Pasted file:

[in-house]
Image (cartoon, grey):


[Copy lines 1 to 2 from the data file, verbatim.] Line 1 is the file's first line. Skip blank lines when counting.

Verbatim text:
[in-house]
Image (cartoon, grey):